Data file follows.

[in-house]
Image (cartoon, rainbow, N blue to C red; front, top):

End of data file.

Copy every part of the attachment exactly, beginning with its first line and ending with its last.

[in-house]
Image (cartoon, rainbow, N blue to C red; front, top):